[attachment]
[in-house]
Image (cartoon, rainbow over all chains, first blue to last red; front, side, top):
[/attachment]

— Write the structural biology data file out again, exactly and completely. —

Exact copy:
[in-house]
Image (cartoon, rainbow over all chains, first blue to last red; front, side, top):